LIBYA – ‘The Deal in the Desert – Dining with the Devil without long spoons’ (Updated 24th January 2015)
The meeting in 2004 between Muammar Gaddafi and Tony Blair in the former’s famous Bedouin tent was labelled the ‘Deal in the Desert’. Amongst other things it led to an exchange of information between MI6 and Gaddafi’s intelligence service.
In my blog on 21st August I argued that when dining with the devil one should use a long spoon and Mr Blair misplaced his when he and Gaddafi met that day. At best, the ‘Deal in the Desert’ may have been and exercise in excessive pragmatism. At worst, and suspicion is growing that the worst is likely, it may have been a disaster.
There was tawdriness in the way the Blair government used the British intelligence services. It may have led to deterioration in standards as bad leadership so often does. For example, the manner in which Alistair Campbell, Mr Blair’s Director of Communications and Strategy, presented the case for going to war against Saddam Hussein was cavalier and cynical.
On 3rd February 2003 Campbell produced a dossier which asserted that Saddam Hussein was in possession of weapons of mass destruction. It was called ‘Iraq: It’s Infrastructure of Concealment, Deception and Intimidation’ and was said to have been the distillation of the best intelligence available. It was later to be called the ‘Dodgy Dossier’ and was largely plagiarised, some, it is said, from the work of a graduate student whose typos were not corrected. It must surely have embarrassed some good MI6 officers.
A government capable of such cynicism might well have known – but chose to ignore – that intelligence gathered by the Gaddafi regime would be tainted. It might be argued that it also knew that the USA was passing on intelligence gained by torturing suspects during the notorious ‘rendition’ program of the Bush era.
The Libya Herald reports that Gaddafi’s former spy-chief, Abdullah Al-Senussi, has been extradited by Libya from Mauritania and will go on trial in Libya soon. We are hoping to hear a great deal from Mr Senussi. Perhaps he will be asked about the destruction of PA103 over Lockerbie, the Union des Transports Aériens flight number 772 which was blown up in 1989, the notorious massacre in Tripoli’s Abu Salem jail, the back channel conversations which may have preceded the release by the Scottish government of Abdelbaset Ali Mohammad al Megrahi and of the connections between Gaddafi’s intelligence services and MI6.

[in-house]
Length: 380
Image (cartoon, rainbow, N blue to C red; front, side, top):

The Libya Herald also carries and excellent piece about a Human Rights Watch report, released yesterday, which states that scores of incriminating documents have been discovered, some of which were in the offices of former Libyan intelligence chief Musa Kusa after Tripoli fell to rebel forces. They are said to show a high level of cooperation between the Gaddafi government in Libya and the US and the UK governments in the renditions of Libyan prisoners during the Bush admiration.
The Human Rights Watch report also argues that ‘the US played the most extensive role in the renditions back to Libya’ where prisoners were tortured by the Gaddafi regime, probably at the behest of Mr Senussi. It adds… ‘Other countries, notably the UK, were also involved even though these governments knew and recognized that torture was common during Gaddafi’s rule’.
The Libya Herald quotes three of the dissidents returned to Libya who say ‘they were subsequently interrogated by American, British, French and Italian intelligence officers in Qaddafi’s jails’. MI6 may be working on damage limitation plans.
Update 13th December 2012
It has just been reported in the Telegraph that the British government has made a £2 million out of court settlement with a sometime Libyan dissident, Sami al Saadi, who was rendered from Hong Kong to Gaddafi’s Libya where he was imprisoned and tortured. Papers relating to the case, in which MI6 may have been involved, were found in the offices of Musa Kusa after Tripoli was liberated in 2011.
It seems that Sami al Saadi intended to take the British government to trial but that would have entailed the case being heard in secret. As he pointed out secret trails were common in Libya under Gaddafi and he was not about to repeat the experience in Britain.
In the British Telegraph today, Sir Richard Dearlove, who was head of MI6 at the time, has been quoted as saying: “It was a political decision, having very significantly disarmed Libya, for the government to co-operate with Libya on Islamist terrorism. The whole relationship was one of serious calculation about where the overall balance of our national interests stood.”
It was a shoddy ‘Deal in the Desert’ was it not?
Update 27th July 2013
This in the British Telegraph has to be read, though perhaps with a pinch of salt. It suggests that the release of the Lockerbie bomber was linked to a major arms deal.
Update 4th August 2013
The British Sunday Telegraph seem to have unearthed evidence of some murky aspects of the relationship between Mr. Blair and Gaddafi. Whilst this piece, dated 4t August 2013, might be read with caution it raises some serious questions.
Update 21st December 2013
The failure of Belhaj’s attempt to sue the sometime British Foreign Secretary, Jack Straw, in connection with his rendition back to Libya and subsequent torture has sparked a number of articles in the UK broadsheets. This from the Guardian is amongst the most thoughtful and gives context to Sir Richard Dearlove’s statement posted above.
Update 26th January 2014
The deal in the desert has repercussions for Toney Blair again. This time the victims of the IRA Semtex campaign are apparently suing him for allegedly scuppering their chances of compensation from the Libya government.
Update 24th January 2014
The problems for the Tony Blair increase by the hour!